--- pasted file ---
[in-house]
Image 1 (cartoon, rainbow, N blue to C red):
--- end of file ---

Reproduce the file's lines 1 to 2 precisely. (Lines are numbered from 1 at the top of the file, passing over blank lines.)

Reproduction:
[in-house]
Image 1 (cartoon, rainbow, N blue to C red):